Chapter 11 : Return from Exile
Having attacked the Queen of England, Knox turned his attention to Marie of Guise in another letter to her, although this time a public document, called the ‘Letter to the Regent’. Whilst he could hardly accuse her of wholesale persecution, he lambasted her for ‘avarice and cruelty’, citing the heavy taxes he had heard of. If she did not soon mend her ways, God would punish her even beyond the loss she had already borne, of her two infant sons and husband.
He followed this missive up with a letter to the Parliament and nobility of Scotland, exhorting them to protect the ‘godly’ from the Catholic bishops and to put idolaters to death. In Knox’s mind, the execution of Protestants was a sin, whilst the execution of Catholics was to be promoted. A third letter exhorted the ‘Commonalty’ of Scotland. They should free themselves of any concerns they had about rejecting the old faith, and throwing off the ‘tyranny’ of the Catholic clergy. Failure to do so would mean they were sinners and would be punished by God.
These various works, revolutionary and shocking, were published in Geneva in the summer of 1558. Whilst Knox had anticipated that Mary I and Marie of Guise would be angered by his writings, he was surprised to discover that many avowed Protestants were deeply unhappy with his incitements to revolution. One of the more prominent exiles, Sir Anthony Cooke (father-in-law of Sir William Cecil), wrote to Calvin’s colleague, Theodore Beza, complaining both about Knox, and also Goodman, who had been even more blunt in calling for ‘tyrants’ to be overthrown.
On receipt of Cooke’s letter, Beza and Calvin read Knox’s book. It was immediately banned in Geneva, and Calvin rejected its sentiments – insofar as they related to encouraging rebellion.
‘The First Blast…’ was not just irritating to many, but was also poorly timed. In November 1558, Mary I died, to be succeeded by another woman, her half-sister, Elizabeth. Many of the English Protestant exiles believed Elizabeth to be as zealous a Protestant as themselves, and they were delighted at her accession.
Knox now found he had angered the only woman who had any interest in protecting Protestants. Elizabeth, whilst no doubt having the usual views about women’s general inferiority to men, had absolutely no doubts about her power and authority as a monarch.
She particularly disliked Knox’s snappily entitled ‘Brief Exhortation to England for the Speedy Embracing of Christ’s Gospel, heretofore by the Tyranny of Mary suppressed and Banished’. Rather than leaving the religious direction of the kingdom to Elizabeth as sovereign, Knox urged the commons to rise up for Protestantism and execute the Catholics.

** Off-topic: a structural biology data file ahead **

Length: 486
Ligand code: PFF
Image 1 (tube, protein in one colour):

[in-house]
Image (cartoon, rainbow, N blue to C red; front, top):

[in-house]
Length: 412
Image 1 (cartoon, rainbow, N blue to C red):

Whilst Knox was envisaging a new, godly, state in England, events were moving fast in Scotland. Mary, Queen of Scots had married the Dauphin, and there were murmurings among the people, concerned that the French were gaining too great a hold, and that religious persecution might ensue. There had been riots in Edinburgh when the annual procession of St Giles (the patron of the main Church) had been disrupted by Protestants, and the image smashed.
Lord James and the Earl of Glencairn again requested Knox to return. He was hesitant after the wasted trip of the previous year but when he heard that many of the Protestant lords in Fife and Angus, and a majority of the men of Dundee had signed a bond to protect a Protestant preacher, he decided that the time had come to inspire a religious revolution in his own country.
In the new year of 1559, Knox set out for Scotland, leaving his wife, who had just had a second baby, behind with her mother and older son. Once he had arrived in Dieppe, he requested a safe-conduct to travel through England, a journey much safer than going by sea through the English Channel. He was obviously completely unaware that Elizabeth’s dislike of him and all his works, was deep-rooted and permanent.
His request for safe-conduct was bluntly refused. A follow up quest to Sir William Cecil, now appointed as Elizabeth’s Secretary, was also refused - Cecil may have resented being told that his accommodation with Queen Mary made him a candidate for hell-fire. Knox assured Cecil that although he knew he was ‘odious’ to Elizabeth, he had not intended to offend her and he should not count him an enemy as he desired friendship between the nations.
If the Queen were to humbly admit that God had made a special exception in her case, against His usual laws against women rulers, he, Knox, would be happy to support her authority. Obviously, if Elizabeth insisted that her regal title was lawfully hers, then she could not long escape punishment. Cecil was to share this insight with the Queen. Cecil suppressed the letter, knowing that Elizabeth would have been incandescent. The tone-deaf Knox sent a second copy, worried that his first had gone astray as he had had no reply.
During his wait at Dieppe, Knox wrote to Anne Lock about the new regime in England and its half-hearted approach to Reform. ‘We mean no tumult, no alteration of authority, but only the reformation of religion and suppressing of idolatry. ….the Acts of Parliament like we both alike; that is, nothing at all. I wrote not only against Papistical priests, but also against dissembled professors, who prefer darkness to light and vanity to the truth. If your reformation be no better than your Acts express, I repent not of my absence from England.’
Eventually, Knox realised there would be no safe-conduct, and he sailed for Leith, arriving in May 1559.